FTC workshop highlights potential changes to agency’s review of pharmaceutical mergers

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On June 14 and 15, 2022 the Federal Trade Commission (FTC) hosted a workshop titled “Future of Pharmaceuticals: Examining the Analysis of Pharmaceutical Mergers.” The workshop was a culmination of the work of the Multi-lateral Pharmaceutical Task Force (MPTF) that convened on a regular basis over the past year. The workshop consisted of four panel presentations exploring various aspects of the merger review process with respect to acquisitions in the pharmaceutical industry.

The panelists who presented at the workshop were uniformly critical of pharmaceutical mergers, and offered a number of suggestions for more effective and aggressive agency review. Topics included reviewing concentration levels in the sector, how (and whether) enforcers should consider prior bad acts, reviewing a transaction’s potential effects on innovation, and the effective-ness of merger remedies in the pharmaceutical industry.

Key takeaways

  • The FTC has clear concerns with mergers in the pharmaceutical industry and is actively looking to expand its analysis of such mergers beyond the traditional approaches in the Horizontal Merger Guidelines.

  • Panelists advocated that the agencies’ review of pharmaceutical mergers consider:

    • prior antitrust allegations against a merging party, even in private litigation;

    • effects on potential innovation, broadly viewed; and

    • how a proposed merger will affect a pharmaceutical company’s leverage to get its products placed on drug formularies.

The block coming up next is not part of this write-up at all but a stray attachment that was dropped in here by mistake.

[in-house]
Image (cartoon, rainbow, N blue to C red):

• The Commission remains deeply divided between the Democratic and Republican Commissioners on appropriate merger policy.

We provide more detail below on the recommendations made by panelists.

Consideration of prior anticompetitive conduct

Two panelists, Professor Scott Hemphill of NYU School of Law and Gwendolyn Cooley, Assistant Attorney General for the State of Wisconsin, advocated that pharmaceutical merger reviews consider whether either of the merging parties has been a defendant in antitrust actions in the past, including in private actions. AAG Cooley noted that 55% of companies involved in pharmaceutical mergers are also defendants in antitrust conduct cases brought by the states, DOJ, FTC, or private litigants. Similarly, Professor Hemphill argued that “prior bad conduct can be informative of [sophisticated firms’] intent and might therefore inform how we think about a subsequent merger.” Both believe merger review should consider such allegations or evidence in assessing the likelihood of either unilateral or coordinated anticompetitive effects from the proposed merger.1

Broader consideration of innovation, R&D and pipeline issues

Assistant Attorney General Kanter, Commissioner Slaughter and a number of panelists addressed the impact of mergers on innovation in the pharmaceutical industry, including whether revised merger guidelines should more broadly consider a merger’s potential effect on innovation.2 Professor Arti Rai, Professor of Law at Duke, cited two anti-innovation effects that can arise in the context of M&A. First, with respect to the merger of a large well-established firm (with an asset that is already on the market) and a firm that has an overlapping pipeline asset, there is a risk that the merged firm has a reduced incentive to continue developing the pipeline product because it would compete with the large firm’s marketed product. Professor Rai explained that divesting the pipeline asset, which in the past has been the typical remedy in such instances, may be insufficient if manufacturing the pipeline product is complex and if it is easier for a divestiture buyer to market an already-developed drug than to successfully bring to market a pipeline drug.